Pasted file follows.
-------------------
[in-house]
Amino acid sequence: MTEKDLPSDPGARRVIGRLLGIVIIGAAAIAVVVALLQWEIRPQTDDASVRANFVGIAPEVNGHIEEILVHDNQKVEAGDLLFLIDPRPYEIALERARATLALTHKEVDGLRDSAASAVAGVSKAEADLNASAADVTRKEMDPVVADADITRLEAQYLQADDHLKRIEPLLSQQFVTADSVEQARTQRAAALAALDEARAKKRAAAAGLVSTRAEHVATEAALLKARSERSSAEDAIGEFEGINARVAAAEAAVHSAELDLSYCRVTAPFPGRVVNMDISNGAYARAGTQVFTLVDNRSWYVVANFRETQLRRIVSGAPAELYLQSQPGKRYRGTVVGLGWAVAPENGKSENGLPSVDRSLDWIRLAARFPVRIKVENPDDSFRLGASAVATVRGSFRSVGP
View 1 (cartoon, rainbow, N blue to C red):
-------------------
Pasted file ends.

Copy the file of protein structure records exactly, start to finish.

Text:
[in-house]
Amino acid sequence: MTEKDLPSDPGARRVIGRLLGIVIIGAAAIAVVVALLQWEIRPQTDDASVRANFVGIAPEVNGHIEEILVHDNQKVEAGDLLFLIDPRPYEIALERARATLALTHKEVDGLRDSAASAVAGVSKAEADLNASAADVTRKEMDPVVADADITRLEAQYLQADDHLKRIEPLLSQQFVTADSVEQARTQRAAALAALDEARAKKRAAAAGLVSTRAEHVATEAALLKARSERSSAEDAIGEFEGINARVAAAEAAVHSAELDLSYCRVTAPFPGRVVNMDISNGAYARAGTQVFTLVDNRSWYVVANFRETQLRRIVSGAPAELYLQSQPGKRYRGTVVGLGWAVAPENGKSENGLPSVDRSLDWIRLAARFPVRIKVENPDDSFRLGASAVATVRGSFRSVGP
View 1 (cartoon, rainbow, N blue to C red):